“We waited, and five minutes later there was a van, we could hear the siren coming between all the buildings, and it was a police van that was making its way through with a police escort.

“They opened the gate and it came directly on the asphalt. An executioner who was dressed
completely in white, in total contrast to everyone else who was dressed in black, walked out.

“At this stage there was probably a crowd of 3000 to 4000 people circled around the ring.

“He walked around the ring, placed seven mats on the tarmac, went back to the van, reached for a sword, raised the sword in the air and every time he raised the sword in the air there was a massive cheer around the arena.

1995 Olyroos tour of Saudi Arabia.

“It really jumped out at us, we were a bit shell-shocked in a way that it was occurring.

“It was when he raised the sword that it hit home, and we looked at each other and said ‘Do we really need to look at this?’ We all turned to each other and said ‘yeah’, out of curiosity let’s see if it does occur. Five minutes later they escorted a prisoner who had his hands handcuffed behind his back, a male figure, who had a balaclava over his head.

“They placed him on his knees on one of the mats.

“They brought out an additional figure and placed him around the arena, and there was probably a total of eight prisoners positioned kneeling down with their heads swayed forward.

“The tour guide told us they were potentially trafficking drugs and this is an eye-for-an-eye, he indicated that they sedate the prisoners leading up to the point of­ ­execution.


“So when the prisoners were set up on the mat, the executioner did another round with the sword raised again, which led to a huge roar of applause.

“We were positioned within this crowd trying to get an angle between the fence trying to see what was going to occur, we were positioned quite perfectly.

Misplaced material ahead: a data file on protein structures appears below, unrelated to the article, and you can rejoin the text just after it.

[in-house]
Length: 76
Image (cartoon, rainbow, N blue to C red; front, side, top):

“He walked up to the first prisoner, positioned the sword directly on the back of the prisoner’s neck, raised it slowly, and as he raised it into the air there was a massive roar again, and then he swiftly came down.

“It was quite traumatic watching it, you could see the body fall forward and then the head roll.

“He walked over to the second prisoner, did the same procedure, placed the sword right on the neck, a clean cut through.

“Every time he did that, there was a massive roar within the crowd. We got to the last prisoner, and as he went to position the sword, he lifted it and came down, but it wasn’t actually a clear cut.

Saudi Arabia death row inmates beheaded and crucified. Picture: Amnesty International

“So he needed to come down another two times to clean the head off.”

Dressed in their team tracksuits, the players were too shaken to attempt to take photos of the executions and quickly left, but Babic captured pictures from the safety of the team bus 100m away, showing the mass of people clambering on walls and fences to see the grotesque aftermath of brutal justice Saudi style.

It was when they were all back in their bus that the reality of the­ ­horror they had witnessed set in.

“We were quite overwhelmed with this, thinking it’s quite amazing we’ve been exposed to it. It was just a walk into the town centre,” he said.

We felt sickened by what we saw. But at the same time we realised that this was potentially a daily occurrence ­­­­in Saudi Arabia.”

Back at their hotel, some players were so sickened they could not stomach lunch.